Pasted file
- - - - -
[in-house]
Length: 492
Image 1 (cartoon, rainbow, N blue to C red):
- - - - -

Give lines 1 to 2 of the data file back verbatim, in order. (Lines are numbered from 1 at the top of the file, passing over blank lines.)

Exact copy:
[in-house]
Length: 492